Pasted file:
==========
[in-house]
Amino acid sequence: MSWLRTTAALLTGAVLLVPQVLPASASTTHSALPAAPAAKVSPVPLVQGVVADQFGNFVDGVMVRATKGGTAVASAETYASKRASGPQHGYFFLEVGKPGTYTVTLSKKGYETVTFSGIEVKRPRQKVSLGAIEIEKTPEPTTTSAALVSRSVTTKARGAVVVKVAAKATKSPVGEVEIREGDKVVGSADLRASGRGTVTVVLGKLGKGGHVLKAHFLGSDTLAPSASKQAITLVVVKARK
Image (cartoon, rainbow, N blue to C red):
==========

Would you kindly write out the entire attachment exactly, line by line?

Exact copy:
[in-house]
Amino acid sequence: MSWLRTTAALLTGAVLLVPQVLPASASTTHSALPAAPAAKVSPVPLVQGVVADQFGNFVDGVMVRATKGGTAVASAETYASKRASGPQHGYFFLEVGKPGTYTVTLSKKGYETVTFSGIEVKRPRQKVSLGAIEIEKTPEPTTTSAALVSRSVTTKARGAVVVKVAAKATKSPVGEVEIREGDKVVGSADLRASGRGTVTVVLGKLGKGGHVLKAHFLGSDTLAPSASKQAITLVVVKARK
Image (cartoon, rainbow, N blue to C red):